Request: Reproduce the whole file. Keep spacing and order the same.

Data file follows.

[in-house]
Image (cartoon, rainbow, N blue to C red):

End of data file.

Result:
[in-house]
Image (cartoon, rainbow, N blue to C red):